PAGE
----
ANN ARBOR, MICH. - Assembling injection molding machines in the United States will help Ube Industries Ltd. offer midsize presses, significantly expanding its market in North America, according to an Ube executive. Ube, which had shipped machines from Japan based on orders in hand, also will use the new Ann Arbor assembly factory to build standard machines that it will stock at the plant and in a warehouse in Detroit, said Toshiaki Kaku, president of Ube Machinery Inc., Ube's U.S. unit.
Kaku also confirmed that Ford Motor Co., Ube's largest U.S. customer, encouraged the Japanese company to perform assembly in the United States.
About 200 customers, suppliers and local government officials attended a July 24 open house in Ann Arbor. In a Japanese ceremony, they raised square wooden mugs of sake to toast the 48,000-square-foot assembly plant.
Ube has sold about 300 injection presses in the United States since it began sales here in 1984. Most have been very large, with clamping forces of 1,500 tons or more, sold for automotive molding.
Having U.S. production means Ube will become a more well-rounded supplier, Kaku said in an interview after the ceremony.
``One purpose of building this facility is to increase the sales of under-1,500-ton machines, using American components,'' he said.
In Ann Arbor, Ube will make machines as small as 500 tons.
``Under 1,500 tons, we will try to make it as standard as possible, with some optional equipment,'' Kaku said.
Ube invested $5 million in the plant, which will manufacture 30-40 injection presses a year at first and 70-80 machines by 2000. The plant should turn out about 20 presses the rest of this year, he said.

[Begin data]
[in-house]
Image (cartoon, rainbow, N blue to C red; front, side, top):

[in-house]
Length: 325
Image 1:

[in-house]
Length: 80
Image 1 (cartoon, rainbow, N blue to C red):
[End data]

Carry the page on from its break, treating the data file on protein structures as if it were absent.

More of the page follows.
It will take 15-20 days to make a machine at the Ann Arbor plant, said Pat Berry, production manager.
Nearly every component is U.S.-made. The controller is from Allen-Bradley Co. Inc. of Milwau-kee. The screw supplier is Great Lakes Feedscrews Inc. of Tecum-seh, Mich. Kaku declined to disclose other suppliers.
The only major remaining non-U.S. components are large metal castings, such as platens and machine bases. But Ube officials are trying to find a North American source for those parts.
``Before we get U.S. sources of any equipment, we have to make sure the quality will meet our standards,'' Kaku said.
Ube officials said U.S. manufacturing and parts sourcing will help offset the strong yen. Although the yen forced most Japanese injection press makers to raise prices in recent years, Ube has not raised prices, Kaku said.
Kaku also acknowledged what has been an open secret in Detroit plastics circles - that Ford pushed for Ube to build machines in the United States. Kaku called it a ``very understandable request.''
``Ford requested us to be a full-service supplier, also a global supplier. Their intention is to use the equipment which has more American components, which are familiar [to] Ford's operators and maintenance people,'' he said.
Ube currently employs 42 in Ann Arbor. Daniel O'Keefe, national sales manager, said the factory soon will undergo audits for ISO 9000 and Ford's Q1 quality designation.
In a speech at the open house, Maomi Nagahiro, president of Ube Industries in Tokyo, said plant size eventually will be tripled to 150,000 square feet.
Nagahiro said several states courted Ube, including Kentucky, Ohio and Georgia.
Ube picked Ann Arbor, where it already had U.S. offices, because Michigan is close to customers and has a skilled work force, he said.
Kaku, who led the ceremonial sake toast, became president of the U.S. operation in May. In Japan, he was global general manager of injection press sales. His predecessor in Ann Arbor, Ryusuke Nakamura, returned to Japan to head sales of plant engineering and environmental control equipment.